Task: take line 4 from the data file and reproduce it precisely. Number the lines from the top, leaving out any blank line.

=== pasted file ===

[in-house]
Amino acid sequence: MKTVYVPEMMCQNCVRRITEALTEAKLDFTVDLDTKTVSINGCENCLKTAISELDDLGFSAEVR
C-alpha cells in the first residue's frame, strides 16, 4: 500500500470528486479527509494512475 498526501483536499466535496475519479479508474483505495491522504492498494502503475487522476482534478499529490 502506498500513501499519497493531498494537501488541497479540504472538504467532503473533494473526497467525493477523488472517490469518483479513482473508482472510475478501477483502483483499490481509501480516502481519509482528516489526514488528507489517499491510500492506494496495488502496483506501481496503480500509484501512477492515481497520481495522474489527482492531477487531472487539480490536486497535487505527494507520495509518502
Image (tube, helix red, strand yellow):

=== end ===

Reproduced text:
Image (tube, helix red, strand yellow):